Starring: Edd Byrnes, George Hilton, Gilbert Roland, Ivano Staccioli, and Kareen O'Hara
Director: Enzo G. Castellari
Rating: Four of Ten Stars
A banker (Byrnes), a bountyhunter (Hilton), and a bandit (Roland) race each other to recover a stolen gold shipment that was hidden by a Mexican cutthroat who was subsequently killed by the US Army.
"Any Gun Can Play" is a singularly uneven and uninventive western. It starts out attempting to be a dramatic western along the lines of "The Good, the Bad and the Ugly" but it turns into a comedy along the lines of "My Name is Nobody" at about the halfway mark, but it is vastly inferior to both of those other movies. The first half of this film is so-so, but once it tries to become a Hill/Spencer-style western spoof, it becomes an unfunny mess with dull fights, dumb gags, and scenes that drag on and on because the director seemingly lost all ability to know how end a scene.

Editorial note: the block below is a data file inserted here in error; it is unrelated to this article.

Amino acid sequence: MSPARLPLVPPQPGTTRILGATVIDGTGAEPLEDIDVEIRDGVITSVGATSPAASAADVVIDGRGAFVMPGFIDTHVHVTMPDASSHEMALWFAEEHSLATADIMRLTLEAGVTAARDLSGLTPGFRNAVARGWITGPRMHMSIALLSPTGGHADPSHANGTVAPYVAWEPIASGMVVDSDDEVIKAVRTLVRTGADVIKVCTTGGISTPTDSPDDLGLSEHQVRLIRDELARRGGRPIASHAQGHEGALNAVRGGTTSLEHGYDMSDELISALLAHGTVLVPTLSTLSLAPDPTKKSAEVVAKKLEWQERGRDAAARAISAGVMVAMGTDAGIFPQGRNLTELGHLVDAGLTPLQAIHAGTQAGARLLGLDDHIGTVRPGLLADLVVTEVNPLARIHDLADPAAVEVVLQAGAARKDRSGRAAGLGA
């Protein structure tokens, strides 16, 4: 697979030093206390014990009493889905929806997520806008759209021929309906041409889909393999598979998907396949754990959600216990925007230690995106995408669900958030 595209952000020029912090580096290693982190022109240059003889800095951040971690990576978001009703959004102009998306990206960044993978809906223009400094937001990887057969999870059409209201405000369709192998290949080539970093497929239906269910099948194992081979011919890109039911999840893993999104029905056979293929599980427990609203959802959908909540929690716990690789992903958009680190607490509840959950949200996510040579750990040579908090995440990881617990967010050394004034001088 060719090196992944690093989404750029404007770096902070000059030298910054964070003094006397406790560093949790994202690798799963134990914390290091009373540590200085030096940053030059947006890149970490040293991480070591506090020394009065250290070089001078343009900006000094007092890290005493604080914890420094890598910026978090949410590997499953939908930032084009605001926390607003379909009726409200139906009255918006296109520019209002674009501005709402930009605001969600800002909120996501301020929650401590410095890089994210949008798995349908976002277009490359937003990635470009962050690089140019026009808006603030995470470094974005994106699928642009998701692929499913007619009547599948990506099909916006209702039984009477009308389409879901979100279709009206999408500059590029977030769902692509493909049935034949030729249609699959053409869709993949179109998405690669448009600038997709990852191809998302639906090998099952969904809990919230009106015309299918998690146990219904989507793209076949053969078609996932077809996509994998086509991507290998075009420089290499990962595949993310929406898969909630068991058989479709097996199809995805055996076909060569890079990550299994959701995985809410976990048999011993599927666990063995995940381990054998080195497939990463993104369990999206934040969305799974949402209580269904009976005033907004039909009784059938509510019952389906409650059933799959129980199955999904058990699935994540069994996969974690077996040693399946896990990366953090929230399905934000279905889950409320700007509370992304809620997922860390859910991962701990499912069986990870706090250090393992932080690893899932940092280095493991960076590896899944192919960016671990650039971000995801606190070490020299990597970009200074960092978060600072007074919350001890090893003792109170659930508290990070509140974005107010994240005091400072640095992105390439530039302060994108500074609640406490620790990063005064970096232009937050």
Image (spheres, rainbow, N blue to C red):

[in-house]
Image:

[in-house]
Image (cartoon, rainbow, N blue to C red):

The best part of the is the performance by Gibert Roland, who plays a Mexican bandit leader who masterminds the goldheist and later finds himself doublecrossed every time he turns around. He the only actor who rises above mediocrity of everything around him.
Everything about this movie is unoriginal, substandard and lackluster. It's not so bad so as to be unwatchable, but there are far better ways to spend your idle moments.